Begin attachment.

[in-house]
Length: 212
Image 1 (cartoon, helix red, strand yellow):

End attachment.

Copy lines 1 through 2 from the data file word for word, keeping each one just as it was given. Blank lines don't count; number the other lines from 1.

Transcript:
[in-house]
Length: 212